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Re: exiting noninteractive shells on 'shift 2'

From: Eric Blake
Subject: Re: exiting noninteractive shells on 'shift 2'
Date: Fri, 9 Nov 2018 08:47:30 -0600
User-agent: Mozilla/5.0 (X11; Linux x86_64; rv:60.0) Gecko/20100101 Thunderbird/60.3.0

On 11/8/18 6:03 PM, Chet Ramey wrote:
On 11/8/18 3:37 PM, Eric Blake wrote:
If I'm reading POSIX correctly, shift is a special built-in utility, and if
'$#' is 0 or 1, then 'shift 2' counts as a utility error that shall exit
the shell, per the table in 2.8.1 Consequences of Shell Errors:


dash gets this right:

$ dash -c 'set 1
shift 2
echo "oops"'
dash: 2: shift: can't shift that many

but bash happily lets 'shift 2' fail with $? set to 1 but continues on with
execution of the rest of the script, even when in POSIX mode:

As you later note:

"If the n operand is invalid or is greater than "$#", this may be
considered a syntax error and a non-interactive shell may exit; if the
shell does not exit in this case, a non-zero exit status shall be returned.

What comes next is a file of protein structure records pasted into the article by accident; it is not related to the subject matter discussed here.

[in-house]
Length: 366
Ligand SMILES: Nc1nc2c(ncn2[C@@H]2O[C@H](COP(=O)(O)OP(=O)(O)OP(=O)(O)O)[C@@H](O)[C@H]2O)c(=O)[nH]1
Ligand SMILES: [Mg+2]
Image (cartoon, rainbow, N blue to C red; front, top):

Otherwise, zero shall be returned."

So the bash behavior is not a conformance issue, and allowed by the

Well, there's STILL a conformance issue - the standard requires that unless documented otherwise, any time a command line tool exits with non-zero status, that it outputs a message to stderr explaining the error. The page for 'shift' does not document an exception for an exit status of 1 being silent, yet bash is completely silent when 'shift 2' returns non-zero status. Producing an error message to stderr would call the developer's attention to the bug in their script and the fact that bash did not shift out 1 argument, whether or not you also change bash to exit the script or continue with execution.

Eric Blake, Principal Software Engineer
Red Hat, Inc.           +1-919-301-3266
Virtualization:  qemu.org | libvirt.org

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